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Four friends take off on an 1800 mile road trip to retrieve an illicit tape mistakenly mailed to a girl friend.
For more about Road Trip and the Road Trip Blu-ray release, see Road Trip Blu-ray Review published by Martin Liebman on April 20, 2012 where this Blu-ray release scored 3.5 out of 5.
Starring: Breckin Meyer, Seann William Scott, Amy Smart, Paulo Costanzo, D.J. Qualls, Tom Green
Director: Todd Phillips
» See full cast & crew
Road Trip Blu-ray Review
Take the trip to Best Buy to pick up this Comedy gem.
Reviewed by Martin Liebman, April 20, 2012
The greatest story ever told.
So Road Trip might not be the greatest story ever told -- there's already a movie called The Greatest Story ever told. Duh! -- but it's a good one, a mighty funny one, one that's withstood an admittedly small test of time but that's already solidified itself as a proven genre winner with legs to carry it well into the future. Director Todd Phillips' (The Hangover) 2000 Comedy takes a rather light look at the perils and pitfalls and purposes and punishments and prizes to be found in the course of an 1,800 mile jaunt from the Northeast to deep down South into the heart of the Lone Star State. But the film isn't so much about geography -- the way the film plays, it could have been Omaha to Los Angeles, Miami to Chicago, Seattle to Fairbanks, even -- as it is the people who embark on the journey. A few road signs distinguish Road Trip's locations from any old generic places around the country, and the film does a fantastic job of developing its characters rather than simply keeping up with them on the map as they make their way towards a destination that's more of a thing -- an errant sex tape -- and not a place. The movie's incredibly funny, evenly paced, superbly acted, and effortlessly directed. In short, and to be trite, Road Trip is, yes, definitely a trip worth taking.
Josh (Breckin Meyer) and lifelong girlfriend Tiffany (Rachel Blanchard) have never been apart: until now. Josh has chosen to attend college at Ithaca, while Tiffany's gone south for a stint in Austin, Texas. They've tried to stay in touch, but long distance relationships are hard, even with the aid of modern technology. Josh sends Tiffany videotaped greetings on a regular basis, and he has another ready to go. He's late for class, so he leaves the tape in the hands of friends Rubin (Paulo Costanzo), E.L. (Seann William Scott), and Barry (Tom Green) to mail out. Little does he know that by the time they get around to taking it to the post office, that tape will be accidentally replaced with a sex tape Josh has made with Beth (Amy Smart), a fellow Ithaca student with whom he spends the night after coming to believe Tiffany's been unfaithful to him. Josh learns that the truth places Tiffany back home to attend her grandfather's funeral, which gives him exactly three days to make the 1,800 mile journey from Ithaca to Austin to retrieve the tape and save his relationship. Meanwhile, a Philosophy final -- on which he must score a B+ or better to pass the class -- looms over his head. An unfazed Josh heads south with Rubin, E.L., and their only friend gullible enough to loan them his car, Kyle (DJ Qualls), to retrieve the package before disaster strikes.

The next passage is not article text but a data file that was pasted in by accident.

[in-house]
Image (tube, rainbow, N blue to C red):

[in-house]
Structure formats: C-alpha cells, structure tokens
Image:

Road Trip works so well because it settles into the expected genre cadence and produces all of the typical genes escapades, but it does so with passion for the material and works it all into the story in such a way that audiences aren't left feeling that this or that appears in the movie because it necessarily has to, and not even because it should, but because it's all an integral part of the story. Add that the "story" is actually the product of a pretty crazy imagination -- it's told and embellished, the "juicy" parts in particular, by Tom Green's "Barry Manilow" character as part of a sell job to entice students to attend Ithaca -- and suddenly gratuitous breast shots and whatnot seem not just cliché or male eye candy, but rather acceptable, expected, welcome, and absolutely integral pieces of the Road Trip puzzle. That's the key. The movie might be "dumb," but it never assumes the same of its audience. The audience knows it's being sold a predetermined, genre-basic bill of goods, but it's not spoon fed or presented the material in a basic, no-frills, rip-off sort of package. Every little element has been worked into the film just so, and even as it maneuvers through the same old stuff, it feels fresh and welcome. It's all reflected in DJ Qualls' "Kyle" character. He knows he's being played at the start when the others just want him for the car and the credit card, just as the audience knows the filmmakers are doing the same, luring in viewers with T&A and the supposed promise of more of the same. But by the end, everything works out in everyone's favor, and what started as and might very well have been a very straightforward, unoriginal, heavily clichéd experience becomes something much more user-friendly, more endearing, more entertaining.